There will be other initiatives. We will ask you to take a look at making our boards and commissions uniform in terms of the time served. There's something that needs to be changed with a system where those of us who appoint and those of you who confirm are sometimes serving less time because of term limits than the people who are appointed. There ought to be uniformity so the length of time a person serves in an appointed position does not exceed that of the person who did the appointing or did the confirming. We will ask you for your support.

As for general improvement funds, there will probably be few of them this year, maybe less for us to fight over. I would ask that because there may be less, let's focus on the things that are really the state's responsibilities and not those things that would better be handled by city and county governments.

There will always be the temptation to do good things, better things. But I hope we can avoid all of the temptations to do anything other than focusing upon the best thing and what the Constitution says is the most important thing. And that's getting back to school.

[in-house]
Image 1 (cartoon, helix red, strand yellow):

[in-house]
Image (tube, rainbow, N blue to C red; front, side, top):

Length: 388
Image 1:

Will it cost us? Of course it will. We're proposing a cost, but we're proposing a balanced budget. We think we can do it or we wouldn't have put it out there for you. I think the reason it's important is because for far too long too many of our citizens have lived in poverty, a poverty that trapped them and their children in a cycle they never seemed to break out of. And the one thing that gives them hope, the one thing that unlocks them from that trap of impoverishment, is the opportunity to have access to an education that will open the world to them.

Studies have shown that three things will ensure a child can grow up with a 90 percent likelihood of never spending an adult day of his or her life in poverty. They're simple things. No. 1, finish high school. No. 2, get a job and keep the job until a better job comes along. No. 3, marry, stay married and wait until after you are 20 years old to have a child. Simple stuff, isn't it? But it all starts with getting back to school and making sure everyone is able to finish.